and then quotes the Atlantic article that says

The four dissenters in United States v. Windsor—the Defense of Marriage Act case—may have looked around the conference table last week and realized they would never get five votes to overturn the lower courts; that is, that Justice Anthony Kennedy was committed to taking his Windsor opinion to its fullest extent. Such an opinion might not only affirm same-sex marriage; it might hold, as some lower courts have held, that sexual orientation is a “heightened scrutiny” classification, like race or sex. All laws that discriminate against gays and lesbians would be in danger then. Chief Justice John Roberts and his allies may hope that every circuit will come to the same decision, so that gay marriage will become the law without a broad Kennedy opinion upholding the rights of gays in other areas.

So you have a situation where both sides see too many downsides in taking a stand.

So you have a situation where both sides see too many downsides in taking a stand.

Just like the other political branches...sigh.

Hartmut:

unfortunately exactly that is the reality already

And an executive with unchecked power to wage war is a reality. And an intelligence apparatus that defies review is a reality. An uncritical and partisan media is a reality.

Many things are part of reality, that doesn't mean it is worthless to advocate against them.

I think your observation about the GOP/Dem dynamic is accurate as well. Its an example of the perpetual excuse for any behavior of a political party: the other side did it first/would do it.

The courts have become the de facto makers (and, even more, breakers) of policy and the other branches (and their puppet masters) have reacted accordingly.

I that is often correct, even if your phrasing is perhaps a little exaggerated. Take the ACA...contentious political debate which rolls right into the really important decision when SCOTUS weighed in. It weakens the authority and the responsibility of the legislature.

And I don't think that is an ideal, or even acceptable situation. Which is why I am saddened by the surge of dismay when SCOTUS actually didn't act as the de facto maker of policy. It's behavior that I think should be encouraged and praised when it occurs.

LJ:

The Economist piece sums up my view on potential to 'embitter and embolden ' opposition.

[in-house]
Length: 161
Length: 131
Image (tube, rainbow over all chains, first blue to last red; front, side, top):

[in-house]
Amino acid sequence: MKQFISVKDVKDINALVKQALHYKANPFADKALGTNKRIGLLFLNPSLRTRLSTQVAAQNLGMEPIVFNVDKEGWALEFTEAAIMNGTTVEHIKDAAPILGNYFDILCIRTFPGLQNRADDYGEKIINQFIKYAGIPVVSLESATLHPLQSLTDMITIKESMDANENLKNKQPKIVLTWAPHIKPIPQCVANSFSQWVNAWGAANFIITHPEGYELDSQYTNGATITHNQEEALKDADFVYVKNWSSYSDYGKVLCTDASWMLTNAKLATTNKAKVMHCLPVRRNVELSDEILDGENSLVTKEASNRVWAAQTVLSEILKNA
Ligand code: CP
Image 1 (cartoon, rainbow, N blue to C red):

On NPR this morning there was a relevant story: http://www.npr.org/2014/10/07/354230853/same-sex-marriage-no-longer-the-political-wedge-it-once-was

TL;DL: a number of anti-gay marriage talking heads talked about continuing the fight, etc, and activist judges. Cruz wants a constitutional amendment (good luck with that), etc.

But embattled Scott Walker noted how he personally disagrees with gay marriage, but noted its the law of the land, he would enforce it. and didn't want to talk about it any more. It's a losing wedge issue.

I'm concerned that SCOTUS weighing in would amplify the 'activist judge' argument from the fringe and slow the social movement towards equality.

Thanks for the links LJ.

One of them noted that if the Court did grant review of these cases that it would be another nine months before the Court ruled, keeping anyone in those states from marrying until sometime in June 2015. By denying cert, those folk can marry now (in fact as of 1pm yesterday in Virginia). So there is immediate justice for those people. I suppose the Court could have granted cert and lifted the stay of the lower court decisions - but that would be tantamount to a decision on the merits (i.e., would it really then reverse the lower courts after lifting the stay?).

I'm not sure I agree with this part: Such an opinion might not only affirm same-sex marriage; it might hold, as some lower courts have held, that sexual orientation is a “heightened scrutiny” classification, like race or sex. All laws that discriminate against gays and lesbians would be in danger then.

As I've long argued, the "gay marriage" cases would be much easier for those on the conservative side of things to decide in favor of the individuals if they were framed as being about sex discrimination, not sexual orientation discrimination. I mean, you don't have to prove your homosexuality to marry a person of the same sex - just like you don't have to prove your heterosexuality to marry someone of the opposite sex.

Thus, a decision could be handed down that said "applying the heightened judicial scrutiny to laws that discriminate on the basis of sex, the court finds no government interest that carries the burden to overcome such scrutiny when it grants the benefits of marriage only to opposite sex couples" and then striking down the laws on that basis.

Thus, "gay marriage" is the law of the land, but the question of sexual orientation discrimination is left to another day. If I were CJ Roberts, I think I could sign on to that opinion and be happy. But the litigation and arguments on both sides have gone down a separate path and, it seems to me, it would be hard to decide the current cases without speaking to the larger question of sexual orientation discrimination, although I suppose SCOTUS can decide on whatever basis it would like.

I disagree with the worry over any horrible backlash against the Court and/or gay marriage had the Court taken up one of these cases and decided for the individuals. This situation is just not remotely comparable to Roe.